A week at the Turkish Airlines Open, in the indulgent, all-inclusive opulence of the Maxx Royal resort, tends to be a lavish exercise in eye-watering, stomach-expanding avarice that would make Emperor Nero’s extravagant excesses look like Oliver Twist whimpering for another bowl of thin gruel.

It’s the kind of event where the salivating golf writers discover a meal between breakfast and brunch as we heave ourselves up and down the vast, over-flowing boulevards of the all-you-can-eat buffet with mouths agape like whales homing in on an undulating shoal of tightly packed krill.

Oh well, it’s back to the auld claes and porridge now …


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Rankings finale devalued by field filling

There was a head-scratching development during the Turkish showpiece last week that led to all manner of statements being hastily cobbled together and explanations from officials being expansively uttered.

To the humble golf scribblers, meanwhile, it was a bit like trying to understand the Abel-Jacobi map in algebraic geometry while dolloping another ladleful of lobster bisque into a bowl at that ruddy buffet.

Ross Fisher was playing on an invitation at the Turkish Airlines Open, which initially meant any ranking points he gained would not count and therefore he couldn’t climb any further and potentially gain entry into this week’s latest Rolex Series event in South Africa. But wait.

Under tournament regulations, any invited player whose Race to Dubai ranking was above that of the first reserve would be eligible to earn points. Are you following? No? Well, we’ll keep going anyway.

When two players – Andy Sullivan and Mikko Korhonen – withdrew after the first round got under way in Turkey, the next available reserve was Robert Rock, who was ranked 107th on the money list.

Fisher was ranked 105th … and therefore eligible for points. Confused? Perhaps we should just take to that Abel-Jacobi thingymejig.

All of the bamboozlement and convoluted chatterings that ensued highlighted the problem with filling fields at what should be the European Tour’s shimmering end-of-season countdown.

The Turkish line-up was meant to be for the top 70 on the rankings. But the pick-and-choose nature of the main movers and shakers meant that as many as 15 of the top 70 on the Race to Dubai sidestepped Turkey and players ranked as low as 95th were automatically drafted into the draw.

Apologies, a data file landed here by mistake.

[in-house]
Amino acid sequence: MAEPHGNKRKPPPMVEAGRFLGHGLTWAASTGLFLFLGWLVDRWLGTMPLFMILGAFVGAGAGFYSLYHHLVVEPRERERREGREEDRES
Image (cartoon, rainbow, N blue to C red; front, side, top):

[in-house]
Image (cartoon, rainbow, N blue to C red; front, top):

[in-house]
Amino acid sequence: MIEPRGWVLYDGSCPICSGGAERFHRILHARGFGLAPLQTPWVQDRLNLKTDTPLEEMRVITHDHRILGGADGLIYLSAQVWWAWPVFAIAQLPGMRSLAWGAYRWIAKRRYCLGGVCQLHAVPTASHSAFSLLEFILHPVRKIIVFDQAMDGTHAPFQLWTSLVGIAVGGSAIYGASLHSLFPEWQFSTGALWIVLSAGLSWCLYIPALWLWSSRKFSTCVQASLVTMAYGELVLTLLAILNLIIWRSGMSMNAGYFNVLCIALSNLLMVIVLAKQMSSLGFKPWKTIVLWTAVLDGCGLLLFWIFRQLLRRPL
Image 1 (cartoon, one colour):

This week’s Nedbank Golf Challenge, which is supposed to be for the top 60, already has a player ranked 76th in the field.

In a sense, going down the order simply devalues these big-money showdowns.

If you state the field is the top 70 and only the top 55 opt to play, then so be it. Admittedly, the European Tour has a problem in the sense that many of its marquee yet part-time names can adopt a take-it-or-leave-it approach to the Race to Dubai finale. When you’re used to playing for mega-millions in the US, what’s another $7m tournament at the end of a globe-trotting, cash-sodden year?


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MacIntyre keeps us believing

It’s not often we get a young Scottish rookie making a big, bold impact on the European Tour so we may as well make the most of it.

We’ve written so much about Robert MacIntyre this year, even the laptop has his name on predictive computing.

The Turkish Airlines Open gave the Oban man another high finish, another big-time experience, another huge cheque, another round of profile-raising televised interviews and another idea of how hellishly hard it is to win on the tour.

Yet, even when he is not at his best – like he admitted during Sunday’s final round – MacIntyre still posted an under-par score to cling on in there.

Getting the most out of every round and turning, say, a potential 73 into a 69 is a terrific trait to have in this game of very fine margins and MacIntyre is adding that to his burgeoning armoury.

“This is a game of misses,” suggested the great Ben Hogan. “The guy who misses the best is going to win.” Fingers crossed, MacIntyre’s run of near-misses can hopefully end soon. It’s exciting watching him try.


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Captain’s cap fits again for Matthew?

The conclusion of September’s thrilling Solheim Cup at Gleneagles, when Suzann Pettersen won it for Europe with the last putt of the last match on the last green, was so wonderfully breathless, the greenkeepers are still repairing the dents on the PGA Centenary course made by all the flabbergasted jaws dropping to the ground.

This Thursday, the captain of the European team for the 2021 match in the USA will be made back at Gleneagles.

Given the location of the unveiling, you wouldn’t need to be one of the world’s greatest sleuths to come to the conclusion that Catriona Matthew, who led the hosts to grand acclaim on Scottish soil, is set to get the opportunity to skipper the team in their defence of the trophy in Ohio in two years’ time.

With her quiet diligence and calm authority, Matthew’s captaincy earned torrents of praise from players and backroom staff.

The North Berwick veteran certainly deserves the chance to try to achieve what no other European skipper has achieved before; Solheim Cup wins on both sides of the Atlantic.

Matthew would certainly relish the challenge but even she will know that the manner of the victory in her homeland this year, and all that went with it, will never be topped.